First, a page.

I have also made a computation of all the electrode locations on a reallistical head surface, based on the distances along the (triangulated) surface of the head. The head surface used was constructed from the canonical MRI that is included in the SPM2 package, and locations are expressed in MNI coordinates.
You can download ascii files with the labels and positions (expressed in carthesian coordinates) here:
- sphere1 for plotting
- sphere2 for source analysis using a spherical headmodel
- realistic for realistic plotting and modelling (BEM)
- according to BESA, this has carthesian coordinates of 81 electrodes on a unit sphere
A selection of 131 channels of the 10-5 system that is usefull for a 128 channel EEG system can be downloaded here.
Official standards and suggestions therefore:
- R. Oostenveld and P. Praamstra. The five percent electrode system for high-resolution EEG and ERP measurements. Clin Neurophysiol, 112:713-719, 2001.
- H.H. Jasper. The ten-twenty electrode system of the International Federation. Electroencephalogr Clin Neurophysiol, 10:371-375, 1958.
- G.E. Chatrian, E. Lettich, and P.L. Nelson. Ten percent electrode system for topographic studies of spontaneous and evoked EEG activity. Am J EEG Technol, 25:83-92, 1985.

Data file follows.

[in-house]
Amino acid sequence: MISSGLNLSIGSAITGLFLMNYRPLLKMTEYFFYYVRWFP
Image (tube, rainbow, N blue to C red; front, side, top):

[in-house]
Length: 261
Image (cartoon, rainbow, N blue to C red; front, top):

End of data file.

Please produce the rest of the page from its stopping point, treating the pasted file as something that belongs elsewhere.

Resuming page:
- American Electroencephalographic Society. Guidelines for standard electrode position nomenclature. J Clin Neurophysiol, 8:200-202, 1991.
- American Electroencephalographic Society. Guideline thirteen: Guidelines for standard electrode position nomenclature. J Clin Neurophysiol, 11:111-113, 1994.
- M.R. Nuwer, C. Comi, R. Emerson, A. Fuglsang-Frederiksen, J-M. Guérit, H. Hinrichs, A. Ikeda, F.J.C. Luccas, and P. Rappelsburger. IFCN standards for digital recording of clinical EEG. Electroencephalogr Clin Neurophysiol, 106:259-261, 1998.
- G.H. Klem, H.O. Lüders, H.H. Jasper, and C. Elger. The ten-twenty electrode system of the International Federation. Electroencephalogr Clin Neurophysiol, Supplement 52:3-6, 1999.
Discussions about nomenclature:
- G.E. Chatrian, E. Lettich, and P.L. Nelson. Modified nomenclature for the `10%’ electrode system. J Clin Neurophysiol, 5:183-186, 1988.
- M.R. Nuwer. Recording electrode site nomenclature. J Clin Neurophysiol, 4:121-133, 1987.
Manufacturers of electrode caps:
Technical and experimental notes:
- J. Le, M. Lu, E. Pellouchoud, and A. Gevins. A rapid method for determining standard 10/10 electrode positions for high resolution EEG studies. Electroencephalogr Clin Neurophysiol, 106:554-558, 1998.
- The American Electroencephalographic Society
- The International Federation of Societies for Electroencephalography and Clinical Neurophysiology
Copyright (C) 2002, Robert Oostenveld